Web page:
– Limited editions:

  • Solara (based on Advance; automatic; 2 versions)
  • V6 Si (based on Executive; in Sports/VR-X colours only)
  • Commonwealth Games (2002; based on Executive; in Sports/VR-X colours only)
  • Limited Edition (badged "LE" and based on Executive with Verada appointments; automatic; in Sports/VR-X colours only)
  • VR-X Limited Edition sedan (May 2001; approx. 200 units built; 2 versions, latter with climate control)
  • VR-X "yellow" sedan (2002–2003; 50 cars built)

Luxury series:

  • Verada Ei (3.5-Litre V6; automatic)
  • Verada Xi sedan (3.5-Litre V6; automatic)
  • Verada AWD sedan (down-powered 3.5-Litre V6; automatic)

- Limited editions:

  • Verada GTV sedan (powered by Sports/VR-X uprated 3.5-Litre V6; preceded fixed production GTVi)

Note: Manual not available in Wagons.

TL (2003–2004)

  • ES (3.5-Litre V6; replaced Executive)
  • LS (3.5-Litre V6; automatic; replaced Advance)
  • AWD sedan (down-powered 3.5-Litre V6; automatic)
  • VR sedan (uprated 163 kW 3.5-Litre V6; replaced Sports)
  • VR AWD sedan (down-powered 3.5-Litre V6; automatic)
  • VR-X sedan (uprated 163 kW 3.5-Litre V6)

– Limited editions

  • Solara (based on ES; automatic)
  • VR Limited Edition sedan (2004; Koni and Enkei fittings from TJ Magna Ralliart)
  • VR-X Limited Edition sedan (2004; Koni and Enkei fittings from TJ Magna Ralliart)

Luxury series:

  • Verada Ei (3.5-Litre V6, automatic)
  • Verada Xi sedan (3.5L-Litre V6, automatic)
  • Verada GTVi sedan (powered by VR/VR-X uprated 3.5-Litre V6; now a standard range model)
  • Verada AWD sedan (down-powered 3.5-Litre V6; automatic)

Note: Manual not available on wagons (and all AWD).

TW (2004–2005)

  • ES (3.5-Litre V6)
  • LS sedan (AWD; automatic)
  • VR wagon (wagon; automatic)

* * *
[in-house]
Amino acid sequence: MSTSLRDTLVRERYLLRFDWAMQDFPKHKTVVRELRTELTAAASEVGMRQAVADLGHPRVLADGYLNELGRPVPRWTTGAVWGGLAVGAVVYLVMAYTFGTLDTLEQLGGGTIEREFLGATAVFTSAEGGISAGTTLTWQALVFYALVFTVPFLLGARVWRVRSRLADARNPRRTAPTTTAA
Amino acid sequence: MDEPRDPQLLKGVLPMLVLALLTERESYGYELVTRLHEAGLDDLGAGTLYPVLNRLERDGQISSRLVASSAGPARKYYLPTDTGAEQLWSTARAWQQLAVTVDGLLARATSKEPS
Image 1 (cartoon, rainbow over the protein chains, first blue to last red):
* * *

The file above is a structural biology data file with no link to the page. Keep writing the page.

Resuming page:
• VR-X sedan
  • VR-X AWD sedan (automatic)

Luxury series:

  • Verada Ei (3.5-Litre V6, automatic)
  • Verada Xi sedan (3.5-Litre V6, automatic)
  • Verada GTVi sedan (powered by VR/VR-X uprated 3.5-Litre V6)
  • Verada AWD sedan (down-powered 3.5-Litre V6; automatic)

Note: Manual not available on wagons (and all AWD).


  • The 2nd-generation Magna/Verada platform had the least series (TR and TS (2) compared to the 1st-generation TM to TP (3)), while the 3rd-generation platform was the longest serving series (TE to TW = 6) and spawned the most engine variants
  • Magna VR-X was the only nomenclature used on all last generations of Magna's since its introduction (TJ onwards) and also applied to Magna's successor, the 380 (MMAL rendering VR-X its "sports" badge across different models - Lancer to Pajero)
  • Magna VR-X or AWD (plus Verada Xi) were never offered as station wagons
  • The TJ Magna Sports station wagons were fitted with a bodykit, unlike its sedan (which had a rear wing)
  • Both the Magna Sports and Magna VR-X variants share the same Vehicle Identification Number (VIN) model codes, with VR-X models denoted by the option code "AD3" for the manual version VR-X, and "AD4" for the automatic version VR-X. This is because, in effect, although Magna VR-X was marketed and sold as a stand alone top-of-the-range model, it was an options pack on the Magna Sports
  • Magna Sports 3.5-Litre V6 mechanicals were shared with Magna VR-X and Verada GTV & GTVi
  • At their time, Magna Sports/VR-X and, subsequently Magna Ralliart, were the fastest Australian-made normally aspirated 6-cylinder cars (Motor magazine favouring the TJ Magna VR-X (pre-update) over the AU2 Ford Falcon XR6 VCT and HSV XU6 (May 2001)).
  • As at 2010, Magna/Verada remain the only high volume Australian cars without any 1:43 or 1:18 scale models (along with Toyota models)
  • The largest engined Magna is a Ralliart V8 reengineered into RWD for racing in the V8 Future Touring class of the Australian Super Touring Class Championship.